Walk the line

Galatians 5:1, It is for freedom that Christ has set us free. Stand firm, then, and do not let yourselves be burdened again by a yoke of slavery. Romans 14:15, And if another believer is distressed by what you eat, you are not acting in love if you eat it. Don’t let your eating ruin someone for whom Christ died.

Within Christianity we find tension, lots of tension. For instance we must die to self to experience life, the last shall be first – and the first shall be last. Whoever would be great among you, must be servant to all. God has chosen His elect, and whosever will may come. Tension is no stranger to our thought processes. There are those who claim that these ever present series of tensions help undermine the credibility of Christianity. Those of us who are people of faith simply recognize that apparent contradictions are not contradictions at all, but simply part of the process of understanding God’s economy.

One of the greatest missing tensions within church life today is the tension of walking between freedom and responsibility. There is tremendous pressure on each side to bow to their personally held biases in order to conform to their image of Christianity. There are those on the more liberal side who maintain that truth is important but that love is supreme and when the two seem to come into conflict, love must win out – even over truth. Then there are our legalistic brothers and sisters who value truth over all things. These are the ones the spiritual masochists who would gladly cut off every vestige of themselves, and others, to preserve what they understand to be truth.

I’ll be the first to admit that walking this line is tremendously difficult. That’s what makes it so unpopular in my mind. Whether you value a more liberal theology, or whether you are more black and white in your application, to simply adhere to your theology without close, careful inspection of biblical truth, it is always easier to simply act in an expected vein than it is to buck tradition and behave biblically. For instance I can claim that the biblical record doesn't allow for me to watch certain movies, or listen to certain media that much of maintstream Christianity says is out of bounds. Or I can claim that the Bible gives me freedom to do so, but because of my responsibility both God and others, I will choose to abstain. Which is the biblical route? Which is the easier route?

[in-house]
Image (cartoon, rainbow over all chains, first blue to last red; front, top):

Additionally, in SBC life we have struggled with this in our approach to homosexuality. There are few that would deny the sinfulness of the homosexual act, and yet our approaches to it are as varied as the colors of the leaves in Northwest Missouri in the fall. Those on the more legalistic side of things preach cliché’s like “hate the sin, love the sinner,” but the application of that theology too often looks like “hate the sin and avoid the sinner.” They do this, all too often, because they’re fearful of “catching” the sin, it seems; and purity is always to be prized (in this thinking) above outreach. On the flipside, however, are those that simply welcome the homosexual in and throw their arms around them and say, “c’mon in! The waters fine,” and are hopeful that through excessive amounts of niceness, the homosexual – on their own, mind you – will come to the realization that their behavior is out of line with God’s character, if their behavior! bothers the believers are all.

This same type of thinking is found in our approach to alcohol, tobacco, dealing with sin in the church, models of church methodology and the like. What we need in our churches within Southern Baptist life today is not more of the same. What we need are believers who aren’t afraid to try and tackle life from a biblical perspective. A perspective that acknowledges that as believers we have many more freedoms than Christianity has historically recognized, but who will also limit their personal freedoms for the sake of others and for the sake of the kingdom of God.

We need believers who aren’t afraid to walk the line in between freedom and responsibility without bowing to the voices around them that vociferously argue for their own positions and who maintain a biblical – not a traditional, societal, or even a comfortable – ethic. We need believers committed to the bible, and all that it holds – or doesn’t hold – in order to show the world authentic faith.